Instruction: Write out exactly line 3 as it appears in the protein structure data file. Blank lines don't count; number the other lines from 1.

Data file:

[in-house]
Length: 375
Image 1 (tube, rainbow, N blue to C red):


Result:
Image 1 (tube, rainbow, N blue to C red):